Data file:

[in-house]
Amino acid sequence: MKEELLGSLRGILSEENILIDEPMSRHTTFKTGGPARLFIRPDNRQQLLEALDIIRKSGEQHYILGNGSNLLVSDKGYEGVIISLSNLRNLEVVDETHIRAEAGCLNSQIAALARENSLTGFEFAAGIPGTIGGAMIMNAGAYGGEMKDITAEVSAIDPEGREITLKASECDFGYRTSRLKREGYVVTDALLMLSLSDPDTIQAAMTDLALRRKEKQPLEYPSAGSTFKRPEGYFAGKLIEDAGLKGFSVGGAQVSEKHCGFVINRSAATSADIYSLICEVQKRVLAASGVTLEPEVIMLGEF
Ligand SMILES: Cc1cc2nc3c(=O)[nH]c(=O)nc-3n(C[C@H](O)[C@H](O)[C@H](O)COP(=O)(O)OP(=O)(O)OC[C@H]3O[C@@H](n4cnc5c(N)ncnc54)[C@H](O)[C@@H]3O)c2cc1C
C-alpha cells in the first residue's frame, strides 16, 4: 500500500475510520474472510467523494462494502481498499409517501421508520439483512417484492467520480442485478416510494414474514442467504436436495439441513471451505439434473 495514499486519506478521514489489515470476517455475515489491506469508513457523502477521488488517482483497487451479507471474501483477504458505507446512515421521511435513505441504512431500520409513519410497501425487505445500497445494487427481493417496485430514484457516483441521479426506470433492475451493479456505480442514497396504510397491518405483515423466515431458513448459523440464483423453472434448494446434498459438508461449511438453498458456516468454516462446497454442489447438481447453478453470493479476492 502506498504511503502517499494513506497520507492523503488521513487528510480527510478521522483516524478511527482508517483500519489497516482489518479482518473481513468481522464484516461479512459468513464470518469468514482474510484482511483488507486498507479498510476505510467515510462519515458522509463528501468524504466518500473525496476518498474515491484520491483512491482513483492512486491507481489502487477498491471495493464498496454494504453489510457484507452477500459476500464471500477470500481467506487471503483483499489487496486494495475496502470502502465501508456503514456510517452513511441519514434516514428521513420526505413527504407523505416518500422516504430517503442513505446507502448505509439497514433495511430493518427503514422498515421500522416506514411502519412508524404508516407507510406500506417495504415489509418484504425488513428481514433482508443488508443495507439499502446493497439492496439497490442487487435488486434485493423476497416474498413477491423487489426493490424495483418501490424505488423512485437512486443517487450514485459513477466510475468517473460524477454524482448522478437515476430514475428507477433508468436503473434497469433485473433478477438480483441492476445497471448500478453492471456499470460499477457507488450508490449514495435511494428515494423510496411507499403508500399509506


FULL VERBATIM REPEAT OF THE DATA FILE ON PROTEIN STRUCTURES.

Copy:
[in-house]
Amino acid sequence: MKEELLGSLRGILSEENILIDEPMSRHTTFKTGGPARLFIRPDNRQQLLEALDIIRKSGEQHYILGNGSNLLVSDKGYEGVIISLSNLRNLEVVDETHIRAEAGCLNSQIAALARENSLTGFEFAAGIPGTIGGAMIMNAGAYGGEMKDITAEVSAIDPEGREITLKASECDFGYRTSRLKREGYVVTDALLMLSLSDPDTIQAAMTDLALRRKEKQPLEYPSAGSTFKRPEGYFAGKLIEDAGLKGFSVGGAQVSEKHCGFVINRSAATSADIYSLICEVQKRVLAASGVTLEPEVIMLGEF
Ligand SMILES: Cc1cc2nc3c(=O)[nH]c(=O)nc-3n(C[C@H](O)[C@H](O)[C@H](O)COP(=O)(O)OP(=O)(O)OC[C@H]3O[C@@H](n4cnc5c(N)ncnc54)[C@H](O)[C@@H]3O)c2cc1C
C-alpha cells in the first residue's frame, strides 16, 4: 500500500475510520474472510467523494462494502481498499409517501421508520439483512417484492467520480442485478416510494414474514442467504436436495439441513471451505439434473 495514499486519506478521514489489515470476517455475515489491506469508513457523502477521488488517482483497487451479507471474501483477504458505507446512515421521511435513505441504512431500520409513519410497501425487505445500497445494487427481493417496485430514484457516483441521479426506470433492475451493479456505480442514497396504510397491518405483515423466515431458513448459523440464483423453472434448494446434498459438508461449511438453498458456516468454516462446497454442489447438481447453478453470493479476492 502506498504511503502517499494513506497520507492523503488521513487528510480527510478521522483516524478511527482508517483500519489497516482489518479482518473481513468481522464484516461479512459468513464470518469468514482474510484482511483488507486498507479498510476505510467515510462519515458522509463528501468524504466518500473525496476518498474515491484520491483512491482513483492512486491507481489502487477498491471495493464498496454494504453489510457484507452477500459476500464471500477470500481467506487471503483483499489487496486494495475496502470502502465501508456503514456510517452513511441519514434516514428521513420526505413527504407523505416518500422516504430517503442513505446507502448505509439497514433495511430493518427503514422498515421500522416506514411502519412508524404508516407507510406500506417495504415489509418484504425488513428481514433482508443488508443495507439499502446493497439492496439497490442487487435488486434485493423476497416474498413477491423487489426493490424495483418501490424505488423512485437512486443517487450514485459513477466510475468517473460524477454524482448522478437515476430514475428507477433508468436503473434497469433485473433478477438480483441492476445497471448500478453492471456499470460499477457507488450508490449514495435511494428515494423510496411507499403508500399509506